In A level Economics you will look at the fundamental forces which affect our lives, such as employment, prices, international trade and poverty. Economists are often in healthy debate with each other over these issues. It is this controversy which makes Economics lively and interesting and allows you the opportunity to make judgements and form opinions. Economics concerns the allocation of society’s scarce resources amongst the many alternative uses to which they could be put.
Economics is a fascinating subject because it includes the study of how people behave and interact with each other. The dynamics between consumers, manufacturers and government makes economics a vibrant topic. Of course, Economics can also lead to an exciting career.
Both the A level and AS Economics specifications are split into two main sections; the first section in each is concerned with microeconomic issues and the second covers mostly macroeconomic issues. Although these two sections are covered in both qualifications which take either one year (AS) or two years (A level) to complete, they are co-teachable for classes which contain both students taking AS and those studying the first year of the linear A level. There is additional subject content of both micro and macroeconomics covered at A level in the second year of the course.
Subject content included: Individuals, firms, markets and market failure
- Unit 1: Economic methodology and the economic problem
- Unit 2: Individual economic decision making (A level only)
- Unit 3: Price determination in a competitive market
- Unit 4: Production, costs and revenue
- Unit 5: Perfect competition, imperfectly competitive markets and monopoly (A level only)
- Unit 6: The labour market (A level only)
- Unit 7: The distribution of income and wealth: poverty and inequalitY (A level only)
- Unit 8: The market mechanism, market failure and government intervention in markets. The national and international economy
- Unit 9: The measurement of macroeconomic performance
- Unit 10: How the macroeconomy works: the circular flow of income, AD/AS analysis, and related concepts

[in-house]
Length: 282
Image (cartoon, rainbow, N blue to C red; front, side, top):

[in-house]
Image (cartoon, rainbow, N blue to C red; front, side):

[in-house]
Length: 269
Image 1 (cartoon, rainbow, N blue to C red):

- Unit 11: Economic performance
- Unit 12: Financial markets and monetary policy (A level only)
- Unit 13: Fiscal policy and supply-side policies
- Unit 14: The international economy (A level only)
All units are assessed by external examination consisting of multiple choice questions, short answer and longer answer questions.
Paper 1: The operation of markets and market failure [1 hr 30mins], consisting of 20 multiple choice questions and data response questions requiring written answers.
Paper 2: The national economy in a global context [1 hr 30mins], consisting of 20 multiple choice questions and data response questions requiring written answers.
Paper 1: Markets and market failure [2 hours], consisting of data response questions requiring written answers and essay questions.
Paper 2: National and international economy [2 hours], consisting of data response questions requiring written answers and essay questions.
Paper 3: Economic principles and issues [2 hours], consisting of multiple choice questions and case study questions requiring written answers.
Economics is a versatile subject that can help you in a number of careers. Not only could you find yourself working for big corporations, banks or the government but your qualification in Economics could also be valuable support in a career like marketing, law, journalism or teaching.
Students who take Economics also often study Law, Mathematics, Geography, History, Politics, Philosophy and Languages. Of course if you go on to specialise in Economics then it will help you to get into university.